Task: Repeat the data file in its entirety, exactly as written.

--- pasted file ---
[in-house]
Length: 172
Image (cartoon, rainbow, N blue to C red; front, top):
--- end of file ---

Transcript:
[in-house]
Length: 172
Image (cartoon, rainbow, N blue to C red; front, top):